It’s funny. In Seville, the so-called homeland of tapas, bar-goers enjoy a series of snacks as a prelude to their dinner. Years ago this “little ration” idea took off in Australia, but we missed the memo that a real meal should follow. The poor communication left many Australians thinking that the tapas were inconsistent and exxy, but in Spain that is simply not the case. Tapas are often free with the order of a drink and can include salted cod croquettes, Catalan-style meatballs, sweet and savory chorizo, or the dish on which all tapas bars are judged: potato tortillas (potato tortilla).
Moving on to more meaty dishes, Spain is known for its premium salted hams. In fact, melting it in your mouth Iberian ham is considered one of the best in the world. Cured sausage chorizo is another popular meat, while bread, beans, and potatoes are the staple of most meals. Coastal regions specialize in seafood recipes, while inland Spaniards favor local vegetables, poultry and meat.
Roman and Greek influences can be seen in the country’s vineyards and olive groves, while Moorish and Arab rule introduced gazpachos, almonds, and smart irrigation systems. The Spanish conquistadors also shaped cuisine, bringing potatoes, tomatoes and cocoa from the Americas. (And without the cocoa, this 17th century hot chocolate wouldn’t exist.)
This roasted garlic and bread soup is a delicious ‘farmer’s dish’ made with pantry staples including sherry, paprika and garlic cloves. Make sure you have potatoes, eggs, and calasparra rice, along with saffron and Spanish olive oil for flavor (more fruity than Italian). As for your fridge, grab some Manchego (hard sheep’s milk cheese), quince paste and the best jamón you can afford.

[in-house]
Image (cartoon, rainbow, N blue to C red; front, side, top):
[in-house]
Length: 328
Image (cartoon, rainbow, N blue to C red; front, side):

1. Additional flavor: Paella is traditionally cooked in a steel or cast iron pan called a paellera. The trick? Do not clean it completely after cooking. A patina will form, enhancing the flavor for the next time.
2. On a daily basis: Bread (pan) is often eaten with every meal in Spain. Day bread is used to make stuffing, dough for croquettes or to garnish a soup like this one.
3. Special spice: Saffron (azafrán) is the most expensive spice in the world. To enhance its color and flavor in cooking, grind the threads with salt until it forms a fine powder.
4. The best rice: Calasparra, a short grain rice that is low in rhinestones, is the best for making paella. It absorbs three times its amount in liquid.
5. Sweet or smoked: Paprika (pimentón) is a dried and ground spice made from peppers. Use the smoked Spanish variety in paella and the sweet Hungarian style for goulash.
Check out our collection of Spanish recipes here.
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